London, 7-11 Nov 2019

Sotto Sale Projects presents LACUNA, (“I wouldn’t see anything at all, but then I’d see it in joyful fragments”). A group exhibition featuring the work of Yulia Iosilzon, Matete Martini, Barbara Alegre


Conceived as an analysis of the tension between the individual and society, the artists explore the blurring boundaries between the imaginary world and their tangible obsessions. Opposing notions of collectivity and isolation are scrutinised, leading to a virtual expansion of Time. 


The exhibition opens a dialogue between the three artists, raising questions about time, identity and memory. Transcending lines between the real and the virtual, and revealing the fragility of a society rooted in individualism. Opening a spectrum of new possibilities where “we can do lots of things…” 


Diverse mediums - sculpture, painting, sound and video - take the viewer to new layers of meaning beneath the superficial and the obvious. Matete Martini (Francesca Martini’s paintings, saturated with associations to 20th century Italian futurism and pittura metafisica carry deeper narratives and criticism towards male privilege in society. Meaning is subverted in Iosilzon’s work through persistent duality between text and subtext, clarity and opaqueness. Often painted directly on silk or thin cotton or linen, the artist’s approach is thoughtfully communicated through materials that point to weightlessness and delicacy. Yet these surfaces, which suggest the “looming, conscious fragility” of narrative thread, reconfigure themselves as a ploy to create distance, with the artist likening her choice of medium to a “mosquito net”, at once offering transparency and impenetrability, courting the parasitic viewer but frustrating ultimate consummation. Alegre’s work talks about Time as a prompt to raise questions of memory, parenthood, genealogy, identity, origin, presence-absence, human concerns, universal and standardised social decisions. Humans have always been interested in measuring time in order to understand fate and exert some control over it.


Maria Valeria Biondo

About the Artists


Barbara Alegre (Barcelona, 1976) Barbara Alegre’s three groups of works portray Time as a prompt to raise questions of memory, parenthood, genealogy, identity, origin, presence-absence, human concerns, universal and standardised social decisions. Background (2014) aims to bring visibility to the silent and selfless endeavour of transmitting generational value. Now, scream (2013) distances itself from the traditional male gaze of child-bearing and challenges art perceptions of the patriarchy. Mother (2013)  simbolises the way mothers - even when feeling tied up to their responsibilities - unfold in order to assume the demands of their children.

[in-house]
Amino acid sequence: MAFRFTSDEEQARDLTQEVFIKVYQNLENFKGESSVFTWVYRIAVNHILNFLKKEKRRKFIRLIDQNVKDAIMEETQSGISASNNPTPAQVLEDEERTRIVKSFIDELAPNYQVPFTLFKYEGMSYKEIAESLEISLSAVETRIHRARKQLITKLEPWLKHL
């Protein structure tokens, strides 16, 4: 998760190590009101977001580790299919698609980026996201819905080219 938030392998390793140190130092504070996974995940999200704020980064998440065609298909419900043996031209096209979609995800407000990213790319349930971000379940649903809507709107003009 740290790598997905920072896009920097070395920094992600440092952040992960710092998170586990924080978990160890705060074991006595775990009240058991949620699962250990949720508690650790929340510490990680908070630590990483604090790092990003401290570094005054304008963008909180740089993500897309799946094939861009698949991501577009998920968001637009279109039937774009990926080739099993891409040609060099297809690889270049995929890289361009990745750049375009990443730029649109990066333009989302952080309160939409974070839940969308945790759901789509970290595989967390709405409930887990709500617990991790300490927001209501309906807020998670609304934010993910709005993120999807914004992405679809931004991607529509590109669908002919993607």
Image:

Francesca Martini (Pordenone, 1994) Francesca Martini uses painting as the medium to show  her obsession with the human body and its movement. Her canvases are the result of a thoughtful research methodology, using photography and video as the primary source. Martini's practice is inspired by Italian futurism and the pittura metafisica movement, as well as the national film movement neorealismo (neorealism, also known as the “Golden Age”). 


One of the most notable projects is, an initiative, created in 2019 to create a series of workshops and collaborations with FYT (Future Young Talents) students. She is currently also collaborating with Adem B, a figurative artist, the italian actor Bernardo Casertano, and the designer and ceramist Iris Roth. 


Yulia Iosilzon (Moscow, 1992) Yulia Iosilzon draws on children’s illustration, fashion and theatre to posit fragmentary narratives in large-scale works.  An initial readability in her work is thrown into question by the persistent use of techniques which serve to interrupt the image and break down earlier impressions of visual plenitude. The circular approach to Iosilzon’s narrative is leavened with her lightness of touch. This is seen primarily through the artist’s own deployment of burlesque, the grotesque, irony and humour in images which use everyday scenes as the starting point. 


Iosilzon received her Bachelor's Degree from Slade School of Fine Art, UCL in 2017. She subsequently enrolled at the Royal College of Art, Painting, to complete her Masters Degree. In 2019, she was awarded with the Audrey Wykeham Prize and the Bloomberg New Contemporaries Prize.